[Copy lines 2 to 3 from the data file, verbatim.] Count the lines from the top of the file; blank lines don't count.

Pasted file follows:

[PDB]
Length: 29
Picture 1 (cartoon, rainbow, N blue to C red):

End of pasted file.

Length: 29
Picture 1 (cartoon, rainbow, N blue to C red):